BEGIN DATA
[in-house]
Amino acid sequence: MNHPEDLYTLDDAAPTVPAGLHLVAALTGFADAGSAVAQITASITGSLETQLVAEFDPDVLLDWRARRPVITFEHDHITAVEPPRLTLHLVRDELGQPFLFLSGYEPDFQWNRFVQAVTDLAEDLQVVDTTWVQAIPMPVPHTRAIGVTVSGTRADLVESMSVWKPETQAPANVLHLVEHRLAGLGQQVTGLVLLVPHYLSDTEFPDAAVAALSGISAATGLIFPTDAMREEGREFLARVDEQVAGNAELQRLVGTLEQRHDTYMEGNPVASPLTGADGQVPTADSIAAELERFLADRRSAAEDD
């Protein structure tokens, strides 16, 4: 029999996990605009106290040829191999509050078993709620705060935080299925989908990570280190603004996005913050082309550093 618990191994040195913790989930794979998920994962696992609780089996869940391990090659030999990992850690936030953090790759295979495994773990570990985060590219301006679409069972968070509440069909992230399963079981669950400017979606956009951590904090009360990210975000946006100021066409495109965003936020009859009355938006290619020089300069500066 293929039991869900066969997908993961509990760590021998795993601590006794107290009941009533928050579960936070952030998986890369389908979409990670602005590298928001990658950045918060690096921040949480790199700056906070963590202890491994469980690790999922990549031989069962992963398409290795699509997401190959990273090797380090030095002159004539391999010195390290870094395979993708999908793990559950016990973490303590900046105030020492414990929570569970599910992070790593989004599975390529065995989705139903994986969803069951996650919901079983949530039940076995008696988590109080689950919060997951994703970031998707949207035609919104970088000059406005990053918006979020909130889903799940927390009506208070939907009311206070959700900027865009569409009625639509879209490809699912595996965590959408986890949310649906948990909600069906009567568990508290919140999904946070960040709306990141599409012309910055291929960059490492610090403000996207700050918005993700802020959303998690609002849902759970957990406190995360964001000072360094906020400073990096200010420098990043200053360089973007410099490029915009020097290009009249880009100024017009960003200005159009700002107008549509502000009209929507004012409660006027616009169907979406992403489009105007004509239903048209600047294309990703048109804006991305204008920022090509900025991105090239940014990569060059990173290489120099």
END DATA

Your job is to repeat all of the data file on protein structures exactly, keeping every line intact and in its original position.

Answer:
[in-house]
Amino acid sequence: MNHPEDLYTLDDAAPTVPAGLHLVAALTGFADAGSAVAQITASITGSLETQLVAEFDPDVLLDWRARRPVITFEHDHITAVEPPRLTLHLVRDELGQPFLFLSGYEPDFQWNRFVQAVTDLAEDLQVVDTTWVQAIPMPVPHTRAIGVTVSGTRADLVESMSVWKPETQAPANVLHLVEHRLAGLGQQVTGLVLLVPHYLSDTEFPDAAVAALSGISAATGLIFPTDAMREEGREFLARVDEQVAGNAELQRLVGTLEQRHDTYMEGNPVASPLTGADGQVPTADSIAAELERFLADRRSAAEDD
């Protein structure tokens, strides 16, 4: 029999996990605009106290040829191999509050078993709620705060935080299925989908990570280190603004996005913050082309550093 618990191994040195913790989930794979998920994962696992609780089996869940391990090659030999990992850690936030953090790759295979495994773990570990985060590219301006679409069972968070509440069909992230399963079981669950400017979606956009951590904090009360990210975000946006100021066409495109965003936020009859009355938006290619020089300069500066 293929039991869900066969997908993961509990760590021998795993601590006794107290009941009533928050579960936070952030998986890369389908979409990670602005590298928001990658950045918060690096921040949480790199700056906070963590202890491994469980690790999922990549031989069962992963398409290795699509997401190959990273090797380090030095002159004539391999010195390290870094395979993708999908793990559950016990973490303590900046105030020492414990929570569970599910992070790593989004599975390529065995989705139903994986969803069951996650919901079983949530039940076995008696988590109080689950919060997951994703970031998707949207035609919104970088000059406005990053918006979020909130889903799940927390009506208070939907009311206070959700900027865009569409009625639509879209490809699912595996965590959408986890949310649906948990909600069906009567568990508290919140999904946070960040709306990141599409012309910055291929960059490492610090403000996207700050918005993700802020959303998690609002849902759970957990406190995360964001000072360094906020400073990096200010420098990043200053360089973007410099490029915009020097290009009249880009100024017009960003200005159009700002107008549509502000009209929507004012409660006027616009169907979406992403489009105007004509239903048209600047294309990703048109804006991305204008920022090509900025991105090239940014990569060059990173290489120099």